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How to establish a bluebird trail.

While at one time probably the most prevalent of native American songbirds, the bluebird population has been drastically reduced since the turn of this century.

Their population decrease is primarily attributed to two factors. The bluebird prefers to nest in a natural hollowed-out site, such as small dead trees in which most of the center core has rotted out; or in wooden fence posts which have split or the core rotted to form a cavity. The introduction and popularity of metal t-posts for fencing replaced many of their former nesting sites. The second reason is the introduction of European species, such as the English sparrow and starlings, which preempted many of their former nesting sites.

The method of reviving the population of the American bluebird is simple -- we need to provide it with suitable nesting environments. Due to their preferred nesting sites being between three and five feet off the ground, this has tied in rather nicely in places with the creation and maintenance of what are commonly called "bluebird trails."

The bluebird prefers a nesting site on the edge of a field, no closer than about 100 yards from another nesting site. Barbwire fencerows are nearly ideal for nest boxes providing some type of suitable prey-watching site is nearby, such as a tree or high bush.

There are several different plans for bluebird nestboxes. The one shown in the photograph incorporates a hinged front for nest inspection. The plans provided by the North American Bluebird Society incorporate a removable roof. The key elements seem to be the location of the nestbox, its height from the ground and the size and location of the entry hole.

The bluebird is somewhat unique in that it can, under optimal conditions, raise up to three clutches of eggs during a single season. The first nesting may contain four to five eggs, while the second, and possibly a third, contain fewer, depending on the bounty of the season. However, bluebirds will not use the same nesting site during a single season unless the previous nest has been removed. This aspect has led to the creation of a number of bluebird trails around the country.

Basically a bluebird trail is established by one or more people who like to hike or exercise by walking outdoors. A series of nestboxes is set up along a route to be inspected on roughly a weekly basis. The trail can be established on separate posts, attached to existing fence posts or even on telephone or electric poles along a right-of-way. (In any location other than your own property, ask permission first.)

The nestboxes can be numbered and entries recorded into a small notebook, such as when a nest is started, the number of eggs laid, when they hatch and how many fledglings survive. Periodic nestbox inspections also allow the removal of nests of competitive species.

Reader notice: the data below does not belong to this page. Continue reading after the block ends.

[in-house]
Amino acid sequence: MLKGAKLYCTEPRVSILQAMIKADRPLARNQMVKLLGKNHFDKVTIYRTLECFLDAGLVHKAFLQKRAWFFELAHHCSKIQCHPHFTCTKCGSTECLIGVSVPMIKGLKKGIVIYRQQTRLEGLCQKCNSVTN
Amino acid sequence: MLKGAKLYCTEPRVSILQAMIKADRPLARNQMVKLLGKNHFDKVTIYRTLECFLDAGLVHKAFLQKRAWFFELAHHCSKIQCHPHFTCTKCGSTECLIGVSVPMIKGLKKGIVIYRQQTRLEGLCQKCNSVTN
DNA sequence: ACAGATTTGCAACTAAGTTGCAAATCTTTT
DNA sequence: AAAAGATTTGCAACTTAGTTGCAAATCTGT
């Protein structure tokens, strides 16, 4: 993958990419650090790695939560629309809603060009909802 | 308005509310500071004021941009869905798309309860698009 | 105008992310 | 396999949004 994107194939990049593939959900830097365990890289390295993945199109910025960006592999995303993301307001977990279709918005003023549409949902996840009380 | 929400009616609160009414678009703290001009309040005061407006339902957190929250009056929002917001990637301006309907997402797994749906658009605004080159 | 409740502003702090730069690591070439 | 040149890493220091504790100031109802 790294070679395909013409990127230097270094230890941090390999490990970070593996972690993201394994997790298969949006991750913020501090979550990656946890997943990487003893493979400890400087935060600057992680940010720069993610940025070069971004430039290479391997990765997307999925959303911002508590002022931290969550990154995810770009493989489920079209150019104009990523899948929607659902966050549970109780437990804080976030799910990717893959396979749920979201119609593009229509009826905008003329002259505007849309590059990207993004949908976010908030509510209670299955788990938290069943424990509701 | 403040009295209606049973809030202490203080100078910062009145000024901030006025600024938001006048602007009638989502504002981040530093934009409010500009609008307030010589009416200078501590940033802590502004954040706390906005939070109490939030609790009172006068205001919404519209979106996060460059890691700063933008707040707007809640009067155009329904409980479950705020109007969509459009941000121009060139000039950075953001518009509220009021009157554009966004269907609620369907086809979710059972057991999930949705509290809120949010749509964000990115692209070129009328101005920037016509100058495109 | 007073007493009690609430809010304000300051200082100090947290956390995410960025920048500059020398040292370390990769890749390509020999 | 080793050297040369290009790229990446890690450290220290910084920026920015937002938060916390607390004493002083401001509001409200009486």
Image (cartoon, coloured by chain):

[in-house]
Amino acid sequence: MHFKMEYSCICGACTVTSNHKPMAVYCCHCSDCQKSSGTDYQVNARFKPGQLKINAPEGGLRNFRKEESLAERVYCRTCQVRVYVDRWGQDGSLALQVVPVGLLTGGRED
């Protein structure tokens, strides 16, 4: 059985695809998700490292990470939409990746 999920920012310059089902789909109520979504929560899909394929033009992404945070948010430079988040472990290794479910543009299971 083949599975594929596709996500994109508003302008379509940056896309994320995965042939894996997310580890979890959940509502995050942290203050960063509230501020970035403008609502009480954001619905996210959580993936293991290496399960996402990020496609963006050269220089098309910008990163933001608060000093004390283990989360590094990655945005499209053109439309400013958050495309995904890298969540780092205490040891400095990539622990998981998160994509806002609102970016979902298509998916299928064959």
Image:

A bluebird's nest will be built solely out of dried grasses. If the nesting material contains twigs, feathers, pieces of string or similar material, it belongs to another species and should be removed to discourage their use of the nestbox. If a nest is in question, it can be left until eggs are laid. Bluebird eggshells are a light blue color. White eggs and the nest should be discarded.

If you have lost track of whether or not a nest has been used, one way to tell is to pull out, the nest and separate the layers. If small bits of whitish material fall out, it is a used nest since the material is droppings from the fledglings. Discard the nest. Sometimes a pair of bluebirds will build a nest and then abandon it before eggs are laid. Since eggs will be laid within a couple of days of nest completion, an unused nest in a box after a week or two should also be discarded.

For further information on how to help increase the population of the Eastern Bluebird (roughly the states east of the Rockies), the Western Bluebird (roughly the states west of the Rockies), and the Mountain Bluebird (roughly extreme western Canada and a small portion of Alaska), send a business-size, self-addressed, stamped envelope with a recommended $2.00 donation to the North American Bluebird Society, P.O. Box 6295, Silver Spring, MD 20916-6295. Be sure to specifically request nestbox plans for the state in which they will be placed.

Do-it-yourself nestboxes are available from the Society, but their construction is so simple it would appear to be a good project for a youngster learning woodworking. A Scout troop or other group looking for a community project could make nestboxes for, and then set up and monitor a bluebird trail.

I have created a bluebird trail on my farm with 14 nestboxes so far and have been pleased with the results the first season. Find out for yourself the pleasure of watching this beautiful native American songbird.
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Title Annotation:nestboxes
Author:Scharabok, Ken
Publication:Countryside & Small Stock Journal
Date:Jan 1, 1997
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